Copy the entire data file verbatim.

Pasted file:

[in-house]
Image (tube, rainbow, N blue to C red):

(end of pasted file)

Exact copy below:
[in-house]
Image (tube, rainbow, N blue to C red):